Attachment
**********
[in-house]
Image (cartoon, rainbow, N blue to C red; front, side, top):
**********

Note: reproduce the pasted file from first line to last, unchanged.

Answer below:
[in-house]
Image (cartoon, rainbow, N blue to C red; front, side, top):